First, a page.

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Description
Mehmet Kilic1 Aloysius Soon1

1, Yonsei University, Seoul, , Korea (the Republic of)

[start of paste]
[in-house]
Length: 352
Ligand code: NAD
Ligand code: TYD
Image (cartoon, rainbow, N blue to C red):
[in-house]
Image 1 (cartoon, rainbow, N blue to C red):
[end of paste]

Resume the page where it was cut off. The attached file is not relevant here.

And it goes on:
Solid oxide fuel cells (SOFC) are electrochemical devices that convert chemical energy into electrical energy. SOFC consist of three main elements, i.e., the cathode, the electrolyte, and the anode. The electrolyte must be stable in reducing and oxidizing environments in addition to high ionic conductivity with low electronic conductivity. Zirconia-based ceramics as fluorite structure oxide have been the most favored electrolyte with high ion conductivity for SOFC. Even though yttria-stabilized zirconia (YSZ) and scandia-stabilized zirconia (ScSZ) are typically used for the SOFC at high temperatures, their performance is not optimal at operating temperatures with respect to ionic conductivity and stabilization respectively. Many works on ion-diffusion have been concentrated in bulk YSZ and ScSZ systems. However, to improve the ionic conductivity and stability of electrolyte materials, it is an essential to seek more sustainable alternative systems such as heterogeneous doping and heterolayer structures. In this work, we consider three main mechanisms contributing to the enhancement of ionic diffusion at the interface: 1) the influence of cation distribution, 2) the nature of the interfaces, and 3) the influence of the crystal structure. For these considerations, different possible compositions of YSZ/ScSZ systems (within the superlattice model) have been performed using classical molecular dynamics simulations in this work. Our main research objective is to examine the oxygen ion diffusion mechanism in the vicinity of the YSZ/ScSZ interface. Additionally, several physical properties (namely, the relative energies and radial distribution function for pairs of ions) of these systems are systematically studied as a function of cation distribution and temperatures. A linear relation has been found between the mean square displacement and time, from which the ion diffusion coefficient is calculated. The respective activation energies and diffusion coefficients agree well with experimental findings.

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